The Most Common Complaints About Facebook And Blockchain
In May 2018, Facebook announced a reorganisation of its product teams. One of the most important steps was that David Marcus, former President and CEO of Paypal, moved ... Since then, Facebook has kept reasonably secret what precisely this "little group" is like, so we figured we'd draft our five predictions, how blockchain could change Facebook.
1 - Self-moderating communities:
Facebook and Twitter are burning millions in teams of moderators (or editors?) platforms. Neither has done well in recent years and need to make up ground quickly. However, this content monitoring model is difficult and expensive to scale. Platforms like Steemit and Sapien, both social networks based on blockchain technology, test decentralised moderation in the hands of their hundreds of thousands of users. Reddit has been more successful so far with user-guided moderation (although they also have their own more minor core team for oversight), and the upvote/downvote system helps keep things in control quite well, even though it's not built into the blockchain, so it always is Still based on Sure there would be a public appetite for Facebook to announce decentralised moderation based on blockchain technology, even if reality may not make things better.
2 - The Content Supply Chain
Remixing and iterating content is a given on social media. This is the way things spread, which of course, means that ownership and copyright are grey areas, and platforms don't yet have a bold vision. The most exciting uses of blockchain technology outside of cryptocurrencies are in supply chains. Imagine following a cut of meat from field to plate with clear evidence at every stage of the chain. There could be an exciting application on social media. A blockchain solution could allow you to trace the supply chain of content back to its original origin, resolve disputes over the origin of the content, will enable you to shuffle and iterate while paying credit to the original creators. YouTube recently introduced a feature that notifies YouTubers when their content is stolen and scans any new content uploaded to the platform to go one step further.
3 - Advertising Transparency
One of the many criticisms of Facebook is the lack of transparency towards advertisers. Ad fraud is a real problem: Adloox predicted it cost advertisers $ 16.4 billion last year. Simply put, there's a ton of media budget that you can't. Facebook's fortunes are related to the success of its advertising product. So when big advertisers, like P&G, are deducting expenses, Facebook needs to listen. Blockchain is one possible solution to this problem that is gaining ground. Facebook works like a walled garden: you have to trust what they are telling you is correct. A decentralised blockchain solution would allow advertisers to verify that all impressions are impressions from real people and not from bots. It remains to be seen whether Facebook wants to open the hood of its ad network so drastically. Still, it would be a decisive move towards transparency and appeasement for advertisers.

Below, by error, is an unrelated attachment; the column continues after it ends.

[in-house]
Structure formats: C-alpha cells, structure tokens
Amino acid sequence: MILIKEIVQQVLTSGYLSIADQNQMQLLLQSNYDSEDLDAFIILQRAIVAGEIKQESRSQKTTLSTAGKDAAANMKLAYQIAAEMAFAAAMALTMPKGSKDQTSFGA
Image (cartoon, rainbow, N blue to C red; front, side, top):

4 - Short-term payments as part of Messenger
Last year, Facebook Payments was introduced in the UK within the Messenger application to counteract the ambivalence of almost everyone vehemently. Despite the * low * acceptance (let's be honest, have you paid someone on Facebook lately?), It's a feature that makes sense. Blockchain has the potential to offer two things that could help push this side of payments forward, both of which pose a challenge for Facebook payments: better security (see: Trust) and lower transaction fees.
5 - FacebookCoin launches
Of course, Payments - subsidised with the aid of using blockchain or not - is simply the end of the iceberg. Facebook aren't afraid to make long-time period bets, so possibly this isn't approximately the generation that blockchain offers. However, it steps one to launching their cryptocurrency. Shall we name it, FacebookCoin? With Payments, Marketplace and their endured push into retail (e.g. Shoppable tags), Facebook desires to see extra money flowing across the Facebook platform. How clean wouldn't it be for that to be FacebookCoin flowing? As above, blockchain reduces and now and again wipes out transaction prices, so FacebookCoin transactions may want to come at a decrease price to each company and consumers (TechCrunch estimate this can be as much as 3%), which is probably sufficient of a preliminary nudge to get us transacting. Why not?! Cheddar ran this tale some months returned, alleging a similar idea to upload gas to this specific fire. And simply this week, David Marcus has stepped down from the board of Coinbase, the world's most significant crypto enterprise, to recognition on his paintings with the Facebook blockchain team. You examine into it what you want; we'll begin stockpiling FacebookCoins.